(CNN) – Roger Stone, a long-time friend of Donald Trump, was found guilty this Friday of lying to Congress and other charges, in a case that sheds new light on President Donald Trump's anticipation of post mailings Electronic Democrats in 2016 by WikiLeaks.
Stone, a political agent, was found guilty of the seven charges brought against him by the Department of Justice, a victory for the investigation of special prosecutor Robert Mueller. Stone was found responsible for five charges for lying to Congress, one for tampering with witnesses and another for obstructing the procedure of a congressional commission.
The verdict marks an impressive conclusion in one of the highest-profile trials that emerged from Robert Mueller's investigation of the Russian plot in 2016. A case that began when Stone, one of Trump's most public supporters, was arrested during a break-in before dawn, while the special prosecutor's investigation continued its course and that since then has gradually revealed new information about the positive reception of Trump's campaign to foreign interference in the 2016 elections.RELATED
Prosecutors asked the judge to stop Stone immediately. They alleged that he violated his gag order and contacted someone in the press on Thursday night. Judge Amy Berman Jackson declined the request, noting that "he will release him in his current conditions until the date of sentencing."
Stone did not have an audible reaction when the jury verdict was read. He kept his right hand firm on the table next to him as he looked forward, away from his defense and from the courtroom. When the jury entered and all its members said yes, Stone put on his glasses. His movements were slow and deliberate as he took a sip of water as each juror declared his position.
According to prosecutors, Stone did not deliver documents to Congress in 2017, showing that he had tried to contact WikiLeaks the previous year, and lied about five facts, hiding his attempt to use intermediaries to obtain information that could help the then-candidate Donald Trump in the race Election against Hillary Clinton.
WikiLeaks published in July 2016 emails that were hacked by the Russians on the servers of the Democratic Party, followed by fragments of emails stolen from the Clinton campaign chief in October of that year, which continued until the Day of the Elections.
Stone's trial in federal court in Washington revealed how far this old Trump friend was in direct contact with the then candidate and other campaign members about the publication on WikiLeaks of emails hacked to Democrats in 2016.
Prosecutors argued that witness information, along with Stone's text messages, emails and phone records, showed the defendant's interest in communicating with WikiLeaks about hacked documents and in talking with Trump's campaign about it and even With the candidate himself. Prosecutors said Stone lied to Congress for the desire to protect Trump.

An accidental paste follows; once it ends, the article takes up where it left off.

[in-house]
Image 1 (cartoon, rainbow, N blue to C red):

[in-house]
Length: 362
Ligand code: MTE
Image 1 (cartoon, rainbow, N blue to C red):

"It would look really bad for his partner Donald Trump" if the truth had come to light, prosecutor Jonathan Kravis said in his final argument on Wednesday.
Stone's defense team said its client had no reason to protect the now president when he testified in the House of Representatives in 2017, because Trump had already won the election and is the president of the United States.
The president came to the defense of Stone this Friday, after the verdict was issued, calling it a "double standard as never before seen in the history of our country."
In recent months, Trump has considered forgiving Stone if he was convicted, according to what multiple people familiar with his thinking have pointed out.
Several of Stone's allies have pressured the president to do so, but there are also those who have advised him that forgiving him would be a terrible idea in political terms, so they have warned him otherwise, people close to the situation told CNN.
These discussions occurred while the scenario was still hypothetical. Now that a federal jury has condemned Stone, it is unclear what the current position of the president is.
Among the witnesses to the trial were characters from the Trump world, such as former White House strategist Steve Bannon and former campaign vice president Rick Gates, a key contributor to Mueller's investigation. The two emphasized Trump's campaign interest in hacking and leaks since April 2016.
During the trial, prosecutors revealed several phone calls between Trump and Stone, including a July 2016 conversation about which Gates testified that the president and the defendant dealt with the planned publication of hacked emails to Democrats.
In his written responses to Mueller, Trump said he did not remember his conversations with Stone, or discussions about WikiLeaks or the Democratic attack.
Prosecutors argued that Stone, not reporting on attempts to contact WikiLeaks, left the House Intelligence Commission with a blind spot in its investigation, which caused the final report of this committee on Russian interference in the Elections were inaccurate.
CNN's Kaitlan Collins contributed to this report.